Review to begin into Ireland’s airport capacity
Review expected to recommend timeframe for development of Terminal 3 at Dublin
Dublin airport’s Terminal 2, which opened in 2010
Oxford Economics and Cambridge Economics Policy Associates have been selected to undertake a review of the capacity needs for Ireland’s State airports.
The review, which was announced last year by the Department of Transport, Tourism and Sport, concerns the long-term development of Ireland’s State airports through to 2050. In addition to identifying capacity requirements, the review will identify priorities for infrastructure provision at Dublin, Shannon and Cork airports.
In the case of Dublin airport, the review is expected to recommend the timeframe for the development of Terminal 3, its appropriate design and optimum location.
A Ryanair spokesman told The Irish Times that the company believed in a low-cost third terminal, “but only if it’s operated by anyone other than the DAA [Dublin Airport Authority] monopoly”.
“Dublin airport cannot grow at the moment because of the runway capacity restrictions. To resume traffic and tourism growth we urgently need a second runway and a competing third terminal,” the company spokesman added.
Development of Cork and Shannon airports as key tourism and business gateways is to be one of the objectives that the review takes into account, while the development of Dublin airport as a secondary hub serving global markets is the primary aim.
While welcoming the announcement, Matthew Thomas, chief executive of Shannon Group, said: “We are surprised that it [the review] does not take a holistic view of Irish airport capacity as was committed to in the Government’s national aviation policy”.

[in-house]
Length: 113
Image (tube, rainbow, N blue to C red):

“Shannon and Cork’s available capacity could be part of the solution to alleviating congestion at Dublin airport. In particular, the review needs to look at how best to maximise the use of the existing State infrastructure to benefit the west of Ireland economy.”
According to tender documents released last year, the department estimates the cost of the review will exceed €135,000.
“I have asked that this review consider the development of the three State airports to 2050 because, in these times of increasing uncertainty, ensuring that our airports are prepared for the longer term is more important than ever,” said Minister for Transport Shane Ross.
“That is why I have prioritised the need for an assessment on the capacity requirements at the airports, including the merits of a third independent terminal at Dublin airport.”
The review of State airports was not due to be taken until 2018. However, Mr Ross brought it forward in light of “projected passenger growth and the decision by the DAA to proceed with the construction of the new runway project at Dublin airport”, a spokesman told The Irish Times.
The department anticipates that the review will be finished by the end of this year.